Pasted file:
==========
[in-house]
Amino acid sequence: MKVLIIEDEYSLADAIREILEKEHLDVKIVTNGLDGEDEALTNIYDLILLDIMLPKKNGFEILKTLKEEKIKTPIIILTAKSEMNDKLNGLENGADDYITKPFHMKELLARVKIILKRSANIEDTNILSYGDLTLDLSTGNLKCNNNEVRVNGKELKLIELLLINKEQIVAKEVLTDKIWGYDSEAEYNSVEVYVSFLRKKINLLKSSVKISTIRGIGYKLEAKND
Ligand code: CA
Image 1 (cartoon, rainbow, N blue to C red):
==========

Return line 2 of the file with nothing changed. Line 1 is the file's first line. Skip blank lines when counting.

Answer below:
Amino acid sequence: MKVLIIEDEYSLADAIREILEKEHLDVKIVTNGLDGEDEALTNIYDLILLDIMLPKKNGFEILKTLKEEKIKTPIIILTAKSEMNDKLNGLENGADDYITKPFHMKELLARVKIILKRSANIEDTNILSYGDLTLDLSTGNLKCNNNEVRVNGKELKLIELLLINKEQIVAKEVLTDKIWGYDSEAEYNSVEVYVSFLRKKINLLKSSVKISTIRGIGYKLEAKND